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Ra’am, Ben Gvir come together in refusal to come together in a coalition

It would be “impossible” for Ra’am to sit in a government with neo-Kahanist Itamar Ben Gvir, likely incoming Ra’am MK Mazen Ghanaim tells The Times of Israel.

Ra’am party leader Mansour Abbas and party members at the party headquarters in Tamra, on election night, March 23, 2021. (Flash90)

“It would be very hard to sit with someone like Ben Gvir who feels such enmity for Arab society. In that case, we could demand our people’s rights outside the government because when Benjamin Netanyahu sits with someone like Ben Gvir, it’s very hard to be a member [of that government],” Ghanaim says.

Asked whether “very hard” meant “impossible,” Ghanaim says: “I would say that it’s impossible.”

The sentiment appears to be mutual. Ben-Gvir, a Jewish supremacist who is set to enter the Knesset for the first time with the Religious Zionism party, tells Channel 12 that he is dead set against being in the same coalition as Abbas.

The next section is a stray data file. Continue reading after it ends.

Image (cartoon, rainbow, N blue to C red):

“He’s a man who has written that he supports Hamas,” he says, adding that he would ask Netanyahu if he can really rely on Abbas regarding approving IDF operations in Gaza.

Head of the far-right Religious Zionism party MK Bezalel Smotrich and party member Itamar Ben Gvir seen with supporters and party members at the party headquarters in Modi’in, on elections night, March 23, 2021. (Sraya Diamant/Flash90)

Ra’am party secretary Walid al-Hawashleh told The Times of Israel earlier on Wednesday that no final decisions have been made about where the party’s red lines in coalition negotiations will be.

Most of the 13 political parties set to enter the Knesset fall either in Netanyahu’s camp or in the anti-Netanyahu camp, which is led by Yesh Atid party chief Yair Lapid.

“I’m telling you, both are bad. But at the end of the day, we have demands. We’ll put our demands on the table and go back to our internal institutions, to the voters who supported us, and ask people for their opinion,” Ghanaim says.

Ghanaim says that Ra’am will demand commitments to revoke the 2018 Nation-State law as well as a 2017 law targeting illegal Arab construction, among other priorities.

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